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The Australian population's high rates of obesity and the resultant increased risk of non-communicable diseases (NCD), present a great challenge to governments and policy makers. Increasingly, strategies to influence health have become priorities for planners, however Australian planning laws continue to operate largely without regard for public health goals.
This policy brief provides an overview of:
provided comment on the three key reform areas proposed in the Victorian
Government’s draft policy framework: 'Grow Learn Live Well: Promoting
the health of Victoria’s children and young people’. It focused on
initiatives to support and empower children and families to live healthier
lives; to create healthy environments; and align priorities across sectors to
improve health and wellbeing.
Targeted initiatives would build upon achievements attained
through Healthy Together Victoria initiatives.
The submission also
emphasised the importance of integrating preventative health considerations
across other policy sectors, including those not traditionally concerned with
The Obesity Policy Coalition (OPC) is calling for government action to stem the obesity epidemic following the release of the COAG Reform Council's final report on healthcare reform.
The terms of reference for the House of Representatives Standing Committee on Health and Ageing Inquiry into Obesity were to report on the implications of increasing obesity rates for Australia's health system, and to recommend actions by government, industry, individuals and the broader community to manage the obesity epidemic.
The OPC's submission to the Inquiry made a number of recommendations for action by government, including the following:
The OPC's submission to the Interim Report of the WHO Commission on Ending Childhood Obesity welcomed the report but encouraged the Commission to strengthen its position by:
The OPC's submission to the Department of Agriculture, Fisheries and Forestry's Issues Paper to inform the development of a national food plan recommended:
The OPC also recommended that the government adopt the recommendations in the Labelling Logic report, investigate options for taxing/subsiding foods to influence consumption, set maximum targets for fat, sugar and salt across food categories (and targets for reduced population intake) and restrict unhealthy food advertising to children.
The OPC's submission, regarding the proposal to make the inclusion of 'per serve' information within Nutrition Information Panels (NIP) on packaged foods optional in Australia, focused on the need for FSANZ to:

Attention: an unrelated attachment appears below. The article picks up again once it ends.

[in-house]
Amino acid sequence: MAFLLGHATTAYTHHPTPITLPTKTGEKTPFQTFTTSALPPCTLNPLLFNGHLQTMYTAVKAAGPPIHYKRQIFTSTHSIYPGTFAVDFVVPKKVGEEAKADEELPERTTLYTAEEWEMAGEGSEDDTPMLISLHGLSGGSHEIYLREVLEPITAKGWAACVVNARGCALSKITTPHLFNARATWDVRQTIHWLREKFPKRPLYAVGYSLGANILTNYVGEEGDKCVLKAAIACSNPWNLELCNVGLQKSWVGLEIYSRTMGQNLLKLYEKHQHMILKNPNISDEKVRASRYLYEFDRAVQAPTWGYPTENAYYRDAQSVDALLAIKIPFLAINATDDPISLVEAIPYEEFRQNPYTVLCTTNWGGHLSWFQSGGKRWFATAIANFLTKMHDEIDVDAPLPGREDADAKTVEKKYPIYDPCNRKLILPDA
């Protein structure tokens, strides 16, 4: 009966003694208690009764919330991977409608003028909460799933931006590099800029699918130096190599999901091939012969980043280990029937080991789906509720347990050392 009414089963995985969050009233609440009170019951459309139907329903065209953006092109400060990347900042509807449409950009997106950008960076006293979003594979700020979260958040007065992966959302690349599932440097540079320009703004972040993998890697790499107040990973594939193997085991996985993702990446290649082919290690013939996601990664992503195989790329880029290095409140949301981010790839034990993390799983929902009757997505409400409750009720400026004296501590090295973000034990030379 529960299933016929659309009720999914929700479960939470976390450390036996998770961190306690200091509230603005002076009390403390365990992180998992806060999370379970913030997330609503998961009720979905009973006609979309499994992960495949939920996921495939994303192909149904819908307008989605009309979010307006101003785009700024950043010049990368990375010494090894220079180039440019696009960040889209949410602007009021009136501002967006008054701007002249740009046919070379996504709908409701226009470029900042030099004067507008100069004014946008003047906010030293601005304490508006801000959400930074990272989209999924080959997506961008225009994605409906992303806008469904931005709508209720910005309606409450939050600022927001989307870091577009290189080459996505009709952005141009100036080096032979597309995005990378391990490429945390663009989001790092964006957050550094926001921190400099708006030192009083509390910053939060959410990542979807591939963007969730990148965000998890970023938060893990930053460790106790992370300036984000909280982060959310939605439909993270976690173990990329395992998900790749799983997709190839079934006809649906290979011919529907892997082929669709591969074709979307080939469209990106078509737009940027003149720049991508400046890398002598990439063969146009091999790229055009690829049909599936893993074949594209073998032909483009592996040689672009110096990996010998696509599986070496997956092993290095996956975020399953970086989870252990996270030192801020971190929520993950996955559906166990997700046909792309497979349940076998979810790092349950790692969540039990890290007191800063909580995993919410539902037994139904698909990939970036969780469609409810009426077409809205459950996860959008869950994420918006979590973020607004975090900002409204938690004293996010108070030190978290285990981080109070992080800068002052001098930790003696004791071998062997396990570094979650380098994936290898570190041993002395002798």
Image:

The Comprehensive Review of Food Labelling Law and Policy (2011) was undertaken at the request of the Australian Ministerial Council, with the agreement of the Council of Australian Governments.
The OPC's first submission was in response to the Food Regulation Standing Committee's (FRSC) Consultation Paper for a Front of Pack Labelling Policy Guideline. The OPC recommended that the policy guideline should support the introduction of a uniform, mandatory and easy to use front of pack labelling system, preferably a traffic light labelling system.
The OPC's second submission was in response to the review panel's issues consultation paper. It outlined a number of key recommendations for changes to food labelling law and policy to encourage healthier patterns of eating in the Australian population, including:
The Review Panel adopted a number of the OPC's recommendations for food labelling reforms (see Labelling Logic - Review of Food Labelling Law and Policy Report). In particular, the Review Panel recommended the introduction of a traffic light labelling system on the front of food packs and fast food menus (recommendations 50 - 54), the introduction of mandatory energy labelling on fast food menus and vending machines (recommendation 18), requirement that all foods that make nutrition claims must meet general nutrition profile criteria (recommendation 20b) and establishment of a food labelling bureau (recommendation 57- 61).
The OPC's third submission was to inform the Commonwealth and State and Territory governments' response to the Labelling Logic report. It encouraged Australian governments to support the adoption of the recommendations in the report, particularly recommendations 50 - 54, 18, 20b and 57-61. It also made some additional suggestions to strengthen the effectiveness of, and compliance with, any traffic light labelling scheme.
The Obesity Policy Coalition has today released the first Australian plan for
legislation that offers real protection for children from unhealthy food
advertising – one of the key drivers of childhood obesity.
Letter to The Age